If you’re facing pain or any issues while performing your exercise of choice, know that it’s not the end of the road. It never is. Drop by Healthworks Mont Kiara and schedule a consultation session with our team of Chiropractors, Physiotherapists and Exercise Specialists as we work holistically to get you back on track.

What should I do in the gym?2018-09-05T01:47:48+08:00

Deadlift – The King of All Exercises?

The conventional deadlift is like coconut oil, chia seed, bulletproof coffee in the realm of exercises. It is widely believed to be a MUST DO exercise, which we widely believe is far from true.

Let’s explore why.

Before adding an exercise into your routine, several questions have to be asked.

Q1: “What is the purpose of this exercise in relation to my training goal?”

To Build Muscle? The conventional deadlift is not the best leg (hamstring), back (latissimus dorsi, rhomboid) or butt (gluteus maximus) builder. It is a decent exercise for these muscle groups, but there are superior movements:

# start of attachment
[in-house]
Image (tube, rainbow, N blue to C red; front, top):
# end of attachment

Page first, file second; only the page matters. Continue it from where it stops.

Back: Bentover rows, chin Uus and pulldowns.

Hamstrings: Romanian Deadlifts, lying leg curls and stiff legged Deadlift.

Butt/ Quads: Squats, hip thrusts and leg presses.

These exercises train those muscle groups for their a) specific anatomical function, b) stress those muscles through a larger range of motion, and c) provide a much longer time under tension compared to the conventional deadlift.

To Get Stronger? Via the deadlift mechanics, the body is capable of moving a lot of weight (more so than other compound movements), true that.